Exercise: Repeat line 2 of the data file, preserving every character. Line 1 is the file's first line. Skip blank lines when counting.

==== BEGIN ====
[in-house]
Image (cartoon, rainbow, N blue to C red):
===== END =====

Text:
Image (cartoon, rainbow, N blue to C red):